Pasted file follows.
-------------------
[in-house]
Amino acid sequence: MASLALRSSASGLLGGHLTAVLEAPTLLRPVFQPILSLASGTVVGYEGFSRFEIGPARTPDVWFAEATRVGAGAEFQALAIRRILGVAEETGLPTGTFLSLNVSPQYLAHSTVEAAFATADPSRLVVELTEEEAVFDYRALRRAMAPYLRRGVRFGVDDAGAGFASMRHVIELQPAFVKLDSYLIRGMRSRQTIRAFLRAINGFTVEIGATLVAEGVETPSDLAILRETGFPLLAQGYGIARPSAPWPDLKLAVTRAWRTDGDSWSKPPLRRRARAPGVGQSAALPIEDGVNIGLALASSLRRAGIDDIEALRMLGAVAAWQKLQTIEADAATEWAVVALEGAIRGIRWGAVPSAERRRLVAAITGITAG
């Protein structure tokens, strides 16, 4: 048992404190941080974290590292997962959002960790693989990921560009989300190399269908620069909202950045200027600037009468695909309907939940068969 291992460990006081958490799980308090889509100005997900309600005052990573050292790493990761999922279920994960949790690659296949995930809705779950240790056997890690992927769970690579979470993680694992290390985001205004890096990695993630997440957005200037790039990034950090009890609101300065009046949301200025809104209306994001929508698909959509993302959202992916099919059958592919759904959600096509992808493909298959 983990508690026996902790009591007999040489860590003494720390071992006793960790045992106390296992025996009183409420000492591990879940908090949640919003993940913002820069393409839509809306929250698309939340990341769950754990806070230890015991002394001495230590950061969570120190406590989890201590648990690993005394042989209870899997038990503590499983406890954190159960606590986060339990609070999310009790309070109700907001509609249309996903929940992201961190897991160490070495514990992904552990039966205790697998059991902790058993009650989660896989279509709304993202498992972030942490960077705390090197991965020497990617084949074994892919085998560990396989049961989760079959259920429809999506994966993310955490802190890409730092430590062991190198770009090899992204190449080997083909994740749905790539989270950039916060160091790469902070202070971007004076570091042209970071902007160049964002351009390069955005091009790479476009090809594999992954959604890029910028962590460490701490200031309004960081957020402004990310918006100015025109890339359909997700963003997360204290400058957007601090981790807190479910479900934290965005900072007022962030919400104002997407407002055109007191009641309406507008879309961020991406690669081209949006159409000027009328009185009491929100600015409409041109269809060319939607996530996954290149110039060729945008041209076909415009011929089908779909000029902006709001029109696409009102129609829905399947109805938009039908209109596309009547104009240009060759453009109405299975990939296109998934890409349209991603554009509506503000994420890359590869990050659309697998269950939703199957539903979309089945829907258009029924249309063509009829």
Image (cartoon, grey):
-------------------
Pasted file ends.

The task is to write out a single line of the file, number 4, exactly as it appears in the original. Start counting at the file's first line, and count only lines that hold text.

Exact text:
Image (cartoon, grey):